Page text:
MUSICIANS from across the country brought along their tin whistles and bodhrans to help get the traditional Wren Boys Festival party started.
The annual St Stephen's Day gathering at Sandymount Green in Dublin saw Wren Boys decked out in their traditional old clothes, masks and blackened faces.
Hundreds of miles away, another group of Wren Boys celebrated in Dingle, Co Kerry.
Parades kicked off just before 2pm with the Wren Boys collecting money for charity and stopping at different watering holes to play a few tunes.
Dressed in the traditional "straws" – costumes made out of oat straw – a motley crew of revellers made their way around the towns.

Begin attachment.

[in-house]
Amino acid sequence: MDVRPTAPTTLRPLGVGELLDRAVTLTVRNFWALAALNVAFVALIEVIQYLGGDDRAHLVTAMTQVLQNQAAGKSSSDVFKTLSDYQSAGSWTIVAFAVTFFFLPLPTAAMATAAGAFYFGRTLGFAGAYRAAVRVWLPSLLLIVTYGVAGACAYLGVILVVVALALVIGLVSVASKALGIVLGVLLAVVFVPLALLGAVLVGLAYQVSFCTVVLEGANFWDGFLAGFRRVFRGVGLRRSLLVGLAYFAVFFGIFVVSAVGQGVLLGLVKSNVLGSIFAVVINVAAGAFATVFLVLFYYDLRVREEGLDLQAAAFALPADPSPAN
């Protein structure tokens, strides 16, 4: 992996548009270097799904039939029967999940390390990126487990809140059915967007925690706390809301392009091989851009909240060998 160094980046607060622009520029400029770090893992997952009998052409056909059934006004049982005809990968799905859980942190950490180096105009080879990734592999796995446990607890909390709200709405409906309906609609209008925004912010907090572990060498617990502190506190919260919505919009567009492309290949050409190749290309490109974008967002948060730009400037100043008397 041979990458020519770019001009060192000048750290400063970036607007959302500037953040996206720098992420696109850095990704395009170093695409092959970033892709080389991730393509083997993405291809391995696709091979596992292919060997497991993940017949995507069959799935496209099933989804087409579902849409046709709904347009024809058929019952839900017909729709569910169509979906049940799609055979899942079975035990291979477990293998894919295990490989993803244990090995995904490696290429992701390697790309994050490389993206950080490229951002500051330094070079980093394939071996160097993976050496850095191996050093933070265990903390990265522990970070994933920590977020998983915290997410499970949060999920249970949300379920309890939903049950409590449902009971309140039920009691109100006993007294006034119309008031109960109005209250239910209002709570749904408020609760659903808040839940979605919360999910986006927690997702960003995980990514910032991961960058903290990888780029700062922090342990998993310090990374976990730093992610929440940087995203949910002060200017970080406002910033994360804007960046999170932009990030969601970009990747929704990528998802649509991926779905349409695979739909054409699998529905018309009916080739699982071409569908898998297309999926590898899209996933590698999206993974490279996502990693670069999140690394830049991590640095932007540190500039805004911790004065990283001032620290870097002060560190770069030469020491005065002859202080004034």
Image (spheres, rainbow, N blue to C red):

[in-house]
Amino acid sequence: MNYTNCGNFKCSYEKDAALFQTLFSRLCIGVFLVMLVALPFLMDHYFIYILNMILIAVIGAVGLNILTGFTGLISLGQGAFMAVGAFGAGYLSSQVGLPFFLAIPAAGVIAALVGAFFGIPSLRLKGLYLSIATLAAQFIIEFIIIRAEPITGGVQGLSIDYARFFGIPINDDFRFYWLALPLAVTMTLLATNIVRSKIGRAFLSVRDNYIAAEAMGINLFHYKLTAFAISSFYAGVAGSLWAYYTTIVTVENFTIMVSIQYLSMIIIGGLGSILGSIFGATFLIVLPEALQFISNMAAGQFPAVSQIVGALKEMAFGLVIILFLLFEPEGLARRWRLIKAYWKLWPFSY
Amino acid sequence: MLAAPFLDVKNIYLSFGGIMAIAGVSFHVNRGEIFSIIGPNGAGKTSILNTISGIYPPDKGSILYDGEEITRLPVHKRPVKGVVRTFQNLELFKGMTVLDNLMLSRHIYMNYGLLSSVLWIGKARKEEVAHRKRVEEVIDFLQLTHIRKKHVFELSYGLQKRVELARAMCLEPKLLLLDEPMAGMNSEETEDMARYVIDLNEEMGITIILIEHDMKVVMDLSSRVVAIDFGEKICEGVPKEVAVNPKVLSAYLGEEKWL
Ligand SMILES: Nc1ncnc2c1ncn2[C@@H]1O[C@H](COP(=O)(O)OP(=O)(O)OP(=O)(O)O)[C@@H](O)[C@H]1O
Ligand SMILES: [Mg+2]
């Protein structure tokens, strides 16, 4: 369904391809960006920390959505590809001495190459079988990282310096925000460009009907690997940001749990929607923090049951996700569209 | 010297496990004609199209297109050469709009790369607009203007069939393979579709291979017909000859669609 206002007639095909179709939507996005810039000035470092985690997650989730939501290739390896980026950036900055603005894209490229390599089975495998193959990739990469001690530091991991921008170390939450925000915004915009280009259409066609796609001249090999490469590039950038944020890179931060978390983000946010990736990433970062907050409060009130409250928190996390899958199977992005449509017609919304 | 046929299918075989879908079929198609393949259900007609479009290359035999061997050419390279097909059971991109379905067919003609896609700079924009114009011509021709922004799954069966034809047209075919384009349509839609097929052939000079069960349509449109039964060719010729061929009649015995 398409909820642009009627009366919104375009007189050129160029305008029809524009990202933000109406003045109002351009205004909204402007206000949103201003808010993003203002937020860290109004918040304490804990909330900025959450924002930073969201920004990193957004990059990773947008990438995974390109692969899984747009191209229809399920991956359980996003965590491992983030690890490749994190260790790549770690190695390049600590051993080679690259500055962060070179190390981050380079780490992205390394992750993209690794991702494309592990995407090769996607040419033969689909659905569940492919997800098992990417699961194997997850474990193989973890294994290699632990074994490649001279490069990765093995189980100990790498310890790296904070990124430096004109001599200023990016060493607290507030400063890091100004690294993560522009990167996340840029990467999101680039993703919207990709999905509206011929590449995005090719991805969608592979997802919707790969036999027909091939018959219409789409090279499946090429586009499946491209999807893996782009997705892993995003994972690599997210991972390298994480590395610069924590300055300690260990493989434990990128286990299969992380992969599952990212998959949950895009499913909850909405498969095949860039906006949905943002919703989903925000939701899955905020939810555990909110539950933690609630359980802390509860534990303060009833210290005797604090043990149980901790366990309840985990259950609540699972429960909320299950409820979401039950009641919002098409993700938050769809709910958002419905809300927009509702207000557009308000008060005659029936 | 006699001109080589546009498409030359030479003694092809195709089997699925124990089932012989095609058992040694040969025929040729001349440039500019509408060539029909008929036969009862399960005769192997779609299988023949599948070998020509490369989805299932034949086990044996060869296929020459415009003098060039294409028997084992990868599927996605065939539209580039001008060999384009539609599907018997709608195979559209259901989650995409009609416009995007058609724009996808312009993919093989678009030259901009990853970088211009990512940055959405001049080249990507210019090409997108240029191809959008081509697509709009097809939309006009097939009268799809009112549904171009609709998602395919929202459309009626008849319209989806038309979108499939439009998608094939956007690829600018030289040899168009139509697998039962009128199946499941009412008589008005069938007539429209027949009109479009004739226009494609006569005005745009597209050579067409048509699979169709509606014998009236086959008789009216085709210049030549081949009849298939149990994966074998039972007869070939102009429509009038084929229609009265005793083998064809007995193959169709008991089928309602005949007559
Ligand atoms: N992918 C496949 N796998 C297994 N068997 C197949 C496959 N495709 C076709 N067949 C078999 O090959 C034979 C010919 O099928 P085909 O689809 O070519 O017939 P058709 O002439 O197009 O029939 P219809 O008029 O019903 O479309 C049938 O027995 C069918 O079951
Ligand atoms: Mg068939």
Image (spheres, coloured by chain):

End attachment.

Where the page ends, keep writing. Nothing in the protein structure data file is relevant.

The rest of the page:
The Wren, or Wran, is a tradition that thrives in parts of Ireland on St Stephen's Day. Dingle native and music lecturer at University College Cork, Dr Aoife Granville, based her PhD thesis on the tradition.
"It's a symbol of our 'Dingleness' really and people are very proud that it has survived here," she said.
And it's all to commemorate a small bird. According to legend, the birds held a parliament to decide who was king. The bird that flew highest would rule.
The eagle soared highest, but a tiny wren hidden in its feathers emerged and flew higher again, stealing the title.